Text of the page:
Could mRNA Vaccines be an Answer to Ebola?

Identifying drug targets using genetic sequence information is a primary goal for many of our clients. However, with not all drugs or drug targets being small molecule-based, other therapeutic spaces benefit from sequencing data, a prime example being mRNA vaccines. Establishing the proof-of-concept of mRNA vaccines during the COVID-19 pandemic has opened up mRNA vaccine technology as a promising candidate for a variety of applications, and requires a robust understanding of the encoded mRNA sequence and the cell types it interacts with.

What Makes mRNA Technology Unique?

mRNA vaccine technology is exciting due to its incredible versatility. Nearly any protein, whether a viral antigen or even a tumor antigen, can be encoded into mRNA and delivered to cells via lipid particles. Now that the technology exists, expanding its development for traditionally hard-to-target viruses will become commonplace as researchers test new combinations of proteins.

Ebola Vaccines: In Need of an Update

Ebola viruses are back in the news as a new strain has caused an outbreak in Uganda over the last month and a half. The strain belongs to the Sudan ebolavirus species, a species with no proven vaccines. Even the existing vaccines for the related species Zaire ebolavirus are limited in their usefulness in an outbreak situation, with one causing unpleasant side effects and the other requiring two doses eight weeks apart.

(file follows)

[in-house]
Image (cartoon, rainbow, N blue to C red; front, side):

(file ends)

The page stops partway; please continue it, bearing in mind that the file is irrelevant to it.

A strong, single-dose mRNA-based vaccine would be an ideal solution for a virus and outbreak like this. Although COVID-19 and Ebola are caused by very different viruses, Moderna is in the process of securing a deal to begin work on an Ebola mRNA vaccine. It remains to be seen if the mRNA vaccine approach will be successful for Ebola, but ebolaviruses mutate much slower than SARS-CoV2, which could allow for better longevity of the vaccines.

Outsourcing Bioinformatics Analysis: How We Can Help

Our clients are at the forefront of tackling these kinds of research questions with sophisticated bioinformatics approaches. However, transforming raw sequence data of any kind into actionable biological insights is no small feat.As experts across data types from cutting-edge sequencing platforms, we can help you tackle the challenging computational tasks of storing, analyzing and interpreting genomic data. Bridge Informatics’ bioinformaticians are trained bench biologists, so they understand the biological questions driving your computational analysis. Click here to schedule a free introductory call with a member of our team.

Jane Cook, Biochemist & Content Writer, Bridge Informatics

Jane Cook, leading Content Writer for Bridge Informatics, has written over 100 articles on the latest topics and trends for the bioinformatics community. Jane’s broad and deep interdisciplinary molecular biology experience spans developing biochemistry assays to genomics. Prior to joining Bridge, Jane held research assistant roles in biochemistry research labs across a variety of therapeutic areas. While obtaining her B.A. in Biochemistry from Trinity College in Dublin, Ireland, Jane also studied journalism at New York University’s Arthur L. Carter Journalism Institute. As a native Texan, she embraces any challenge that comes her way. Jane hails from Dallas but returns to Ireland any and every chance she gets. If you’re interested in reaching out, please email or

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